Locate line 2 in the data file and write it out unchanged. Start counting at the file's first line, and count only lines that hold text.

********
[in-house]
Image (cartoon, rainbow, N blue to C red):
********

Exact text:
Image (cartoon, rainbow, N blue to C red):